I met the GovHack team at the Purple Pickle Cafe at the ANU this morning. I am actually in Sydney for a Climate Change talk by Professor Lambeck, of the ANU Research School of Earth Sciences. The disturbing result from the extensive research presented by Professor Lambeck is that new models predict a larger rise in sea level than those used by the IPCC.
The situation with sea level rise due to climate change is much worse than previous thought. More and more prompt action will be required to address sea level rise than is being planned in current political processes. None of the proposals currently being prepared by government for the United Nations Climate Change Conference in Copenhagen December (UNFCCC CoP 15) are sufficient to avert a global disaster.
One technology we have to mitigate and adapt is the Internet. Because the Internet is already widely available and is being rapidly expanded, it can be deployed far faster than other technologies, such as new power generating stations, carbon sequestration or sea walls. One resource to be used is existing government data which the Internet can make available for climate change.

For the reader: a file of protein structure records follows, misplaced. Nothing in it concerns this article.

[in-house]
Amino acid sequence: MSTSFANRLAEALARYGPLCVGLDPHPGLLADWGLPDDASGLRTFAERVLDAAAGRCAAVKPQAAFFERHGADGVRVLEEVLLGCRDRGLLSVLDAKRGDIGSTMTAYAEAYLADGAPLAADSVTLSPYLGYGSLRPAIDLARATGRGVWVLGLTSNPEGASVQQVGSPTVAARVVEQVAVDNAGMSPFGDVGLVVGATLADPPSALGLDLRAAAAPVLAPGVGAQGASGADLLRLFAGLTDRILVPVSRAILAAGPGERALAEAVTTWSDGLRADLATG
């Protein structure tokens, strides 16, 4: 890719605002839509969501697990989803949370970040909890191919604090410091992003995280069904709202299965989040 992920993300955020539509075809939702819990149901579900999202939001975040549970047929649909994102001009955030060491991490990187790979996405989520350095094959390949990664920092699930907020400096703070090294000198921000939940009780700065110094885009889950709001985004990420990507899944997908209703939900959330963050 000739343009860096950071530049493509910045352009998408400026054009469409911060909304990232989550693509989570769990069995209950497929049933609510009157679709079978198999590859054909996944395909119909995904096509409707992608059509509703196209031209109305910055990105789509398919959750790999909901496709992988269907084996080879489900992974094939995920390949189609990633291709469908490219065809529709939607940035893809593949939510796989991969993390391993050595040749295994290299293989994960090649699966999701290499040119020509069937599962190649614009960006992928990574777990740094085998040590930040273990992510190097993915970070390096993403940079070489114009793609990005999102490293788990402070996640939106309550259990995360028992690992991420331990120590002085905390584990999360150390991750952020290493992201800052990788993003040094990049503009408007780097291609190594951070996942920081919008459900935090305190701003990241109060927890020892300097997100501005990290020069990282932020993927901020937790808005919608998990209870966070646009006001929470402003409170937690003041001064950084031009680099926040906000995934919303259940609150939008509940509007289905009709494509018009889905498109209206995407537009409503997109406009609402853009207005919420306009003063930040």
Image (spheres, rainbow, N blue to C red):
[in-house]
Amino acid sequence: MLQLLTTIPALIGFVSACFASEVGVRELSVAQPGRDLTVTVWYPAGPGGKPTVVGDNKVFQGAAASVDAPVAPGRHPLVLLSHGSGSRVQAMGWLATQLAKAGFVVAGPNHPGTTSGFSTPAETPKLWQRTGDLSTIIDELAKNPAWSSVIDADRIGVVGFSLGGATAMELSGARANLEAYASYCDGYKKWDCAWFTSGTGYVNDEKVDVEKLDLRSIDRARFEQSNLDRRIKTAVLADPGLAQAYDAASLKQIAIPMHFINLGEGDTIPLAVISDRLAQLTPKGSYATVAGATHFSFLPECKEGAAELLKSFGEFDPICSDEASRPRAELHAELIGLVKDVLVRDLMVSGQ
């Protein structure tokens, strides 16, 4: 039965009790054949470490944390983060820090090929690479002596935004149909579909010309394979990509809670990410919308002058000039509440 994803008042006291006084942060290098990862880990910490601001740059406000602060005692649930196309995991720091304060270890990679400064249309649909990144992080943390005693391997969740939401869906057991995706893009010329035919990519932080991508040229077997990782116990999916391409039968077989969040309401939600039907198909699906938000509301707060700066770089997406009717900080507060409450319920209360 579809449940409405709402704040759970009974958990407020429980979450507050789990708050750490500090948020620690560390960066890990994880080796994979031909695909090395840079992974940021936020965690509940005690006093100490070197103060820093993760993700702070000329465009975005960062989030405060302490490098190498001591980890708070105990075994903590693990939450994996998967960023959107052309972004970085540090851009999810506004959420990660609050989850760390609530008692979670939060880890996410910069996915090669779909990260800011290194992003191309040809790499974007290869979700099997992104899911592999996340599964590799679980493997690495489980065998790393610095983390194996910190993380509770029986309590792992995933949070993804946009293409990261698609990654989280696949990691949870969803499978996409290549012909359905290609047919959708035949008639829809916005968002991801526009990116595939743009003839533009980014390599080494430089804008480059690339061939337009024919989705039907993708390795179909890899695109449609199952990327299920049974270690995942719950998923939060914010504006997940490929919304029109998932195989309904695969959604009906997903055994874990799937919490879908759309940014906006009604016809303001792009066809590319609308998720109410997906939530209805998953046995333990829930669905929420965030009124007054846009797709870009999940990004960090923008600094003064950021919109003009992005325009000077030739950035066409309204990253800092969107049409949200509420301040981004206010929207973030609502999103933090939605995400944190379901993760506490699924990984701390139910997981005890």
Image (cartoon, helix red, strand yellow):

One area the Australian Government could provide data to combat climate change is with its $100M Smart Grid Project. The government could require the successful bidders to make the data available in real time to authorised users and in near real time freely to the general public.
Some other proposals I put to the APEC Climate Change Symposium in Canberra this week:
- Green Technology Strategies education: Broaden the content and add multimedia, mobile phone and village classroom options to the Green Technologies strategy course to make it available in APEC countries at the local level.
- Innovation Climate Change: Expand the InnovationACT project to the APEC region. In a one year trial Australian and Korea will have teams of students working online on climate change innovations. Prizes will be awarded for the best project. Teams
- Green Certification: Expand the COA Green ICT certification scheme to APEC, providing web tools to ICT green certify organizations.
- Protect cultural records from climate change: Climate change represents a significant risk to cultural records in the Asia Pacific region. Many cultural institutions are located near the sea and will be at threat from inundation. The ANU course Systems Approach to the Management of Government Information would be expanded to provide training and resources for government and non-government cultural institutions to catalogue and digitally preserve their materials. Background: Report on a Workshop on the Use of Technology for Museums of the Pacific Islands Region 2005 and Semantic Web for Museums